conflicting signals trying to appease each of the groups involved, yet
all remained dissatisfied. Georgians saw a federal government
controlled by Northern industrialists who were unresponsive to the
problems of their state. Tariffs paid by Georgians bought improvements
in northern and western states. Now the federal government, they
thought, was going to take away personal property without
compensation, a clear violation of their Fourth Amendment rights.
The South was wrong to assume Lincoln intended to free the slaves. He
had never advocated action to abolish slavery nor did he speak out
against the Illinois rules prohibiting blacks from testifying against
whites. The true abolition candidate, Gerrit Smith of New York drew
few votes. In his inaugural address Lincoln made it clear he would not
interfere with slavery where it existed. Even though he made this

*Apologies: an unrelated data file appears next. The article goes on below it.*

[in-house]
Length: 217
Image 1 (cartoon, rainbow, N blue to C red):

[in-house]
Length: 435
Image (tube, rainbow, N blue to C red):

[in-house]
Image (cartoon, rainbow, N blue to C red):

speech after the South seceded he left the door open for their return.
During the war
Southerners abolished the African slave trade in the Confederate
Constitution. In the North "Preserve the Union" was the battlecry and
Lincoln quoted "...a house divided shall not stand..." from the Bible.
In fact the Emancipation Proclamation(1862), a foreign affair ploy,
cost Republicans control of the legislature that November. A year
later Lincoln restated why the war was fought when he said, dedicating
a cemetery at Gettysburg "..for those who here gave their lives that
this nation might live." During the Draft Riots in New York City 88
blacks were lynched.
After the war
Phil Sheridan, George Armstrong Custer and others adapted very quickly
from killing rebels to the genocide of Native Americans. The South was
"reconstructed" for the next 87 years. Southerners formed
"brotherhoods" that featured white robes, lynchings and unanimous
support for Democratic candidates in the South and West. Confederate
General John B. Gordon, reputed leader of this Ku Klux Klan, was
elected governor of Georgia. Blacks struggled for nearly one hundred
years to gain legal and economic equality.
no slavery ,no war. that is the bottom line.
|Re: Abraham Lincoln waged The War Between The States to SAVE THEUNION and not to free the slaves! by "Ray O'Hara" <>|